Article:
There were very few isolated necropsy findings across all treatment groups (5 and 3 gross findings out of 32 birds necropsied per timepoint, on days 11 and 29, respectively), all being limited to one finding per bird. The observations included dark fluid accumulation in the abdominal cavity, pale liver discoloration, dark red discoloration of left thyroid gland, dark red discoloration of left parathyroid gland, and abnormal appearance of the uterus/persistent right oviduct, dark red discoloration of the bursa of Fabricius and presence of a cyst on the bursa of Fabricius. None of these findings were correlated with any pathological process at histology evaluation and they were observed in isolated animals. They were considered as incidental, of a nature commonly observed in this strain and age of laying hens, and/or of similar incidence in control and fluralaner-treated groups. All organs from the treated groups had a weight comparable with the control group, except thymus which was reported lighter in fluralaner-treatment groups. A large variation in thymus weights is not unexpected in this class of chickens as the thymus starts to regress at sexual maturity [13], and thymus glands are thus difficult to collect accurately and are of small mass (mean weight below 1–1.5 g). Furthermore, there were no gross or histological findings for the thymus glands, and there was no direct correlation between size of the thymus and dose level and no noticeable weight difference and/or gross or histopathological findings in the other primary lymphoid organs (spleen and bursa of Fabricius). Thus, the thymus weight finding was considered related to normal variation in the involution of the thymus at sexual maturity and not related to the administration of fluralaner. The histopathological examinations conducted in control and 5× groups did not reveal any findings associated with fluralaner administration.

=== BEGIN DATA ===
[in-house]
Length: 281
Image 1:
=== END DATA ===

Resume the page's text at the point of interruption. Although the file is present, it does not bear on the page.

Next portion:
Conclusions

This detailed evaluation of the safety of fluralaner, a novel systemic acaricide for poultry mite treatment in layers, following oral administration at doses much higher than the recommended treatment dose and at a shorter interval, did not reveal any treatment-related adverse events in laying hens and on their egg production. Oral administration of fluralaner, administered via drinking water to laying hens at dose rates of up to 2.5 mg/kg on 6 occasions did not lead to any treatment-related findings that could be detected through careful clinical observations, egg production and quality assessments, clinical pathological evaluation or gross or microscopic post mortem examination. Oral administration of fluralaner at the recommended treatment dose (twice 0.5 mg/kg at 7 days interval) is well tolerated by laying hens, with a high safety margin up to an overall dose of 15 times the recommended one (5 times the daily dose given 3 times the number of days). Based on the present results, the use of the new mite treatment based on fluralaner administered via drinking water is expected to be safe for laying hens under industrial conditions, and to have no negative impact on their egg quality and production.

Abbreviations

GABA: 

γ-aminobutyric acid

GGT: 

Gamma-glutamyl transferase

GLP: 

Good Laboratory Practice

LC: 

Liquid chromatography

LDH: 

Lactate dehydrogenase

UV: 

Ultraviolet

WBC: 

White blood cell count

Declarations

Acknowledgements

The authors thank Charles River Laboratories Preclinical Services, Tranent, Edinburgh, EH33 2NE, United Kingdom for assistance with the study.

Funding

Not applicable.

Availability of data and materials

The data generated or analyzed during this study are included partially in this published article. They are the property of the sponsor and will not be further provided.

Authors’ contributions

AP, MM, BH, AFS and GLT authored the study design, monitored the study and interpreted the results. All authors read and approved the final manuscript.

Ethics approval

This study was conducted in United Kingdom in compliance with the Animal Act 1986 (Scientific Procedures), and complying with Home Office Project Licence PPL 60/4184 Development of Veterinary Pharmaceuticals Reference 14.

Consent for publication

Not applicable.

Competing interests

All authors are employees of Merck/MSD Animal Health.

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Authors’ Affiliations

(1)
MSD Animal Health Innovation SAS
(2)
MSD Animal Health Innovation GmbH, Zur Propstei
(3)
Merck Animal Health